Though many people look to her for wisdom, she says she’s unqualified to answer spiritual questions that the greatest minds of the world have explored, such as how to explain suffering. “I’m just a post-alcoholic, post-menopausal tired person. I don’t know.”
Lamott’s down-to-earth spirituality is easy to embrace. “Like everybody else, I forget it. I think things into the ground.” But it’s very simple. It’s about how you live and how you respond to suffering. All traditions know this. “When you see suffering, you don’t look away.” Lamott was raised in an atheist home with a strong social justice orientation, so her faith is through the lens of helping others. “If I want to feel really loving, I need to do loving things,” she says. “Faith without works is dead.”
Gilbert notes that when she examined the arc of Lamott’s work, she saw an evolution from Operating Instructions, Lamott’s memoir of the first year of her son’s life, which came not too long after she got sober. Lamott was a single mom who hadn’t planned on raising a baby boy on her own. Gilbert notes that in Operating Instructions there were “so many shredded edges,” but now Lamott has raised a son to adulthood and written three books on faith and people are coming to her.
But Lamott won’t say it’s easier for her. “When I wake up in the morning, I’m mentally ill.” All of her obsessive-compulsive disorders and addiction tendencies have woken up already and made the coffee and they’re sitting on the bed. “I have written so many books. People think it goes well for me.” But she says, “Humor and laughter are carbonated forms of holiness.”
On Writing: A Work Ethic and a Little Grace
Neither writer says it’s easy to write. Neither says she has any discipline whatsoever. Gilbert tells a story about the poet Ruth Stone, who would receive poems fully formed in her imagination. Her challenge was racing up from the strawberry fields back to the house to get a pen and paper and get it down before it left. To this, Lamott says, “I’ve never heard of Ruth Stone until now, but she is now my mortal enemy.”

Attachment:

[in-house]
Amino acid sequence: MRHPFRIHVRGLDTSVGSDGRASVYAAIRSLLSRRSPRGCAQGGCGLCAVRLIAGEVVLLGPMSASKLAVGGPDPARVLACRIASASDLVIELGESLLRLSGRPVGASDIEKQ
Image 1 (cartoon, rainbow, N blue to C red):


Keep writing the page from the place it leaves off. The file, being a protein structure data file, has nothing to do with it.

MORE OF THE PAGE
For example, Lamott says, it took her two weeks to write the 1,500 words in “Ski Patrol.” Her first prayer in the morning, when she’s greeted with all of her demons is “God, help me get out of the way so that what needs to be written can be written.” For her, the process is to work really hard to get the “shitty first draft” that she writes about in Bird by Bird, her book about writing, and the rest is getting out of the way. “Everything is five or six drafts.”
Gilbert calls it the “angel and the plow mule,” harkening to her Calvinist work ethic Connecticut upbringing. “This is my job. I’m the plow mule,” she says. She believes that if she works hard enough, the angel will come along and put the moving sidewalk under your plow.
“For artists, the enemy is perfectionism,” Lamott comments to this. When you are writing, you are finding out slowly what it is. “You have to un-learn everything they told you. You have to waste paper.”
The Auntie Brigade
Gilbert has not taken the path of motherhood, and Lamott asks about that. Gilbert attributes much of her angst in her 20s and early 30s to grieving that. She knew she wasn’t going to have children, by choice.
She says when you examine any human settlement in any culture, any time, you’ll find a very consistent 10 to 20 percent of females who don’t have children. It’s so consistent, that she has concluded that it’s a genetic necessity to have a cadre of adult, caring, compassionate women who do not have their own children. She calls it the “Auntie Brigade,” and she likes to think of herself as a “sparent” — a spare parent. “I feel a kinship with those women,” Gilbert says, adding an aside that she has since married her sweetheart from Eat Pray Love.
“What’s the most important thing you know?” Lamott asks her.
“Gentleness,” Gilbert says. She’s learned how to be gentle with herself, like the “older sister, older me” in Eat Pray Love. This is the older, wiser self who will say, “You want to do that? Well, that’s OK. You know it didn’t work out so well the last time. But if you really need to do that, you can do that.” She’s learned to trust that wise counsel, which grants her free will with compassion.
“You haven’t asked, but I’m going to tell you,” Lamott says. “What’s the most important thing I know? We’re all afraid.”
Lamott, who takes the spotlight for a bit to sound off on the presidential election, says in America, we’re all walking around with “this sheet metal loneliness.” American culture is about disguising that. “In America, if you do fall into the abyss, you go shopping. Go to Ikea and buy a throw rug.”
This “sheet metal loneliness” is protecting us from the dark night of the soul, Lamott says. We are very fearful, “but truth and beauty win out. The right thing will happen.”